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Featured Scientist
Pei-Gi Shu, Ph.D.

College of Management

Distinguished  Professor 

Department of Business Administration

Personal Website


Corporate behavioral discussion

Corporate Governance

My research on corporate governance focuses mainly on the exploration of how governance structure, as manifested in ownership and board, affects firms’ strategies and, subsequently, their value.

The selected publications include “Ownership Structure and IPO Valuation—Evidence from Taiwan,” “Related-party transactions and corporate governance: The evidence from the Taiwan stock market,” “A New Measure of Control-Cash Flow Deviation: Cases in Taiwan,” “Board External Connectedness and Earnings Management,” “Affiliation and professionalism: Alternative perspectives on decomposing the board structures of financial institutions,” “Changes in Control and Firm Performance,” “Corporate Governance and Private Equity Placements,” “How Insiders' Personal Incentives and Timeliness of Information Revelation are Related to Their Sales Timing,” “The Agency Problems Embedded in Firms Equity Investment,” “The Causes of Voluntary Resignation of Independent Directors,” “The Determinants of Meeting Frequency for Board of Directors and Audit Committee,” and “The Role of Culture on Country Governance.”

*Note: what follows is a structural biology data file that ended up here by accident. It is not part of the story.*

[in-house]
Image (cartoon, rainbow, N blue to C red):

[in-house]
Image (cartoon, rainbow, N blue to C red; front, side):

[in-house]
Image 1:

(Corporate) Behavioral Finance

This research series discusses how the bounded rationality of human beings affects their investment behavior. This includes individual investors as well as managers. My exploration of behavioral finance focuses primarily on the tendencies of individual investors to demonstrate overconfidence and reluctance in acknowledging their losses. The focus of corporate behavioral finance is mainly on managerial overconfidence and its effects on firm’s strategies.

The selected studies include “Are Taiwanese individual investors reluctant to realize their losses?,” “Does Trading Improve Individual Investor Performance?,” “The Impacts of Individual Attributes and Stock Characteristics on Herding,” “Earnings Management, Managerial Optimism, and IPO Valuation,” “Managerial Overconfidence and Share Repurchases,” “Managerial Overconfidence, the Odds of Completing a Merger, and Post-merger Performance,” “The behavior of Taiwan mutual fund investors—performance and fund flows,” “The Impact of Managerial Optimism on Investment-Cash Flow Sensitivity,” and “The Impact of Market-Nurtured Optimism on Mergers: Empirical Evidence from Taiwan's Equity Market.”

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